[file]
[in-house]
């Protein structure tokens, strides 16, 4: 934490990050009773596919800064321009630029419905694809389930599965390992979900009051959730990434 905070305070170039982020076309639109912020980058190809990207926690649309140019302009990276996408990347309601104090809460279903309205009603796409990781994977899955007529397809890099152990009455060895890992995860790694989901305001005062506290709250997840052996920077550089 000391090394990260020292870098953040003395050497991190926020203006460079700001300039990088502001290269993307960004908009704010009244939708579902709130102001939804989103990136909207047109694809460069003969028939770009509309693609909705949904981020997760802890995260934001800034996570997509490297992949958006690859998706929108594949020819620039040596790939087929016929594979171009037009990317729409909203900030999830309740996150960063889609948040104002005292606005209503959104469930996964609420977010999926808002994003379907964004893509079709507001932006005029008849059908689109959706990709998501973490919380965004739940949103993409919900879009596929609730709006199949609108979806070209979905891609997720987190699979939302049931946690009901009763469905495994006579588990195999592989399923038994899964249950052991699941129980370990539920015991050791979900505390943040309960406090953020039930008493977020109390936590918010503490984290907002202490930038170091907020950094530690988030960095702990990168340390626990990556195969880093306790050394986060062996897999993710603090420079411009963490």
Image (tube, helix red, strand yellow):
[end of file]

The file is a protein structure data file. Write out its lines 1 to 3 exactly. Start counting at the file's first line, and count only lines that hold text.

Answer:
[in-house]
């Protein structure tokens, strides 16, 4: 934490990050009773596919800064321009630029419905694809389930599965390992979900009051959730990434 905070305070170039982020076309639109912020980058190809990207926690649309140019302009990276996408990347309601104090809460279903309205009603796409990781994977899955007529397809890099152990009455060895890992995860790694989901305001005062506290709250997840052996920077550089 000391090394990260020292870098953040003395050497991190926020203006460079700001300039990088502001290269993307960004908009704010009244939708579902709130102001939804989103990136909207047109694809460069003969028939770009509309693609909705949904981020997760802890995260934001800034996570997509490297992949958006690859998706929108594949020819620039040596790939087929016929594979171009037009990317729409909203900030999830309740996150960063889609948040104002005292606005209503959104469930996964609420977010999926808002994003379907964004893509079709507001932006005029008849059908689109959706990709998501973490919380965004739940949103993409919900879009596929609730709006199949609108979806070209979905891609997720987190699979939302049931946690009901009763469905495994006579588990195999592989399923038994899964249950052991699941129980370990539920015991050791979900505390943040309960406090953020039930008493977020109390936590918010503490984290907002202490930038170091907020950094530690988030960095702990990168340390626990990556195969880093306790050394986060062996897999993710603090420079411009963490």
Image (tube, helix red, strand yellow):